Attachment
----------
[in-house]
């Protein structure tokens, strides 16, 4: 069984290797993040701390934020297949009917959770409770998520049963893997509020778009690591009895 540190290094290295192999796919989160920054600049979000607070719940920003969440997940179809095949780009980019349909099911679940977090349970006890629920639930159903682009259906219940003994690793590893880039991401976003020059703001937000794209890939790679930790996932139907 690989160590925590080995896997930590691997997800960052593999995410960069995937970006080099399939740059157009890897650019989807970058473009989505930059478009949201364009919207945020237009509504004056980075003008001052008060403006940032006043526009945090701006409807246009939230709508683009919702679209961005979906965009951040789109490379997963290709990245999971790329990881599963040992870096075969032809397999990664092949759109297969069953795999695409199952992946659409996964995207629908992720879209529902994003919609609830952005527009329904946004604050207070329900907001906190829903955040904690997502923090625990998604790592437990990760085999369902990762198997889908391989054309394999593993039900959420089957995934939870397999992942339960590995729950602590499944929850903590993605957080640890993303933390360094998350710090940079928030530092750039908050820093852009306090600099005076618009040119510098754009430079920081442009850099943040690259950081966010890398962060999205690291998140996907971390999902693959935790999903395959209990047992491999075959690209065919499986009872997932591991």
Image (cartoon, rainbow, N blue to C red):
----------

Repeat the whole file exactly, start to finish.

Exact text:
[in-house]
């Protein structure tokens, strides 16, 4: 069984290797993040701390934020297949009917959770409770998520049963893997509020778009690591009895 540190290094290295192999796919989160920054600049979000607070719940920003969440997940179809095949780009980019349909099911679940977090349970006890629920639930159903682009259906219940003994690793590893880039991401976003020059703001937000794209890939790679930790996932139907 690989160590925590080995896997930590691997997800960052593999995410960069995937970006080099399939740059157009890897650019989807970058473009989505930059478009949201364009919207945020237009509504004056980075003008001052008060403006940032006043526009945090701006409807246009939230709508683009919702679209961005979906965009951040789109490379997963290709990245999971790329990881599963040992870096075969032809397999990664092949759109297969069953795999695409199952992946659409996964995207629908992720879209529902994003919609609830952005527009329904946004604050207070329900907001906190829903955040904690997502923090625990998604790592437990990760085999369902990762198997889908391989054309394999593993039900959420089957995934939870397999992942339960590995729950602590499944929850903590993605957080640890993303933390360094998350710090940079928030530092750039908050820093852009306090600099005076618009040119510098754009430079920081442009850099943040690259950081966010890398962060999205690291998140996907971390999902693959935790999903395959209990047992491999075959690209065919499986009872997932591991």
Image (cartoon, rainbow, N blue to C red):